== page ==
Recently,  I had the occasion to sit on the lawn at Ravinia.  If you are not familiar with Ravinia,  it is a  Summer concert venue just outside of Chicago Illinois. Having grown up surrounded by the annual summer concerts held there, when I return I am surrounded by ghosts of concerts past. In my mind I find Pete Seeger walking past my friends and me saying hello to us .I see Janis Joplin arguing with Ravinia staff regarding what they perceived as her inappropriate read to sheer manner of dress. I hear Rufus Wainwright’s rich, dreamy voice singing songs I love. And I hear Jackson Browne singing many of the songs that have become touchstones guiding my life. Sitting under the oaken canopy as the night envelopes the trees and the trees cloak those of us gathered on the lawn, I’m feeling a sense of  peace and abiding joy.

With a full moon to light the night and beautiful music to relax and inspire, I wonder about the trees. Do they feel the vibrational pull of the music. Do their roots grow deep, stirring in summer to soak up what we hear? Does it encourage them to provide shelter, air, and beauty for us? Do they long to hear what we do? When the music stops at the end of the summer, are they left wanting more? Do they wish for an encore? Does  their memory run deep, deeper than my own? Do they wish for a concert or two to return to?

In the comfort of my chair, staring at the softness of the full moon, under the feathery oaken cloak, the world is dreamy and fine. I give thanks for all that is good and gracious, and for a place such as this to find rest.

Earthbound Oracle

The Earthbound Oracle is currently the deck I am very interested. Make that the deck that really hits my intellect and soul.

The pairing of the glorious artwork with different actions and thoughts and the trust and curiosity A.L. Swartz places in those who use the deck, (no assignation of meaning to the deck, thereby allowing each person to create her own meaning) draw me back to it again and again.

Here is a reading I did today. My question was can I move my intent to my very part time work as a reader and energy medicine provider. Here are the cards I drew.


At first glance I read it from the bottom up. Labor will transform into wealth. But then I went back to the placement, wealth first, then transformation, which is labor. Does that mean I will take my wealth of knowledge and transform by making it my labor, (of love?)

I’ll be pondering this today as I spend my day at Enlightened Balance. https://www.enlightenedbalance.com/

Come by and see me. Phone readings also offered.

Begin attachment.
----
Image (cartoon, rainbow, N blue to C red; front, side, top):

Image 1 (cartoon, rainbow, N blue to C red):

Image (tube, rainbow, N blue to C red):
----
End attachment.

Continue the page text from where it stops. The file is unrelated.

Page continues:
Side by side

In my garden there are a couple of echinacea plants. This flower is native to my location and there are so many reasons that I love this plant.

  1. It blooms for much of the summer.
  2. I’ve not seen deer eat them, so they endure and live peacefully with most of the local flora and fauna.
  3. Although the flowers on this plant are purple, the species itself has a diversity of colors. I am partial to the purple flowers but all are quite lovely.
  4. The plant itself is hardy and the echinacea in ,y garden have survived some harsh winter temperatures, going down to below zero (f).
  5. The plant seems to have some medicinal properties, although there are those who would dispute that.

What I appreciate about this particular plant is that if you look very closely at the bottom right corner of the picture you will see a flower that seems to be growing apart from the others. The stem of the plant extends horizontally at ground level and the flower is healthy and blooming. It appears a bit less purple, but is part of the whole plant none-the -less.

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Why is it that some of us are supported when we ‘bloom where we are planted,” as the saying goes? Why do some children seem to be the stereotypical black sheep? Why are black sheep shunned? What allows for acceptance? What does it take foster a climate of love, peace, inquiry and a willingness to accept and celebrate our differences?

Why do some resist new and different ideas? What frightens us about being different? Is it that explanation of survival of the fittest? Is it that early humans had to agree and support each other, dependent on one another for their existence? Do we fear ‘the other’ because he may be smarter, more creative, or stronger than we are? Might her ability to endure backbreaking labor be better than ours?  If so, what do those who cultivate their gifts and use them for benefit have to teach us? Why are we often afraid to acknowledge the lessons?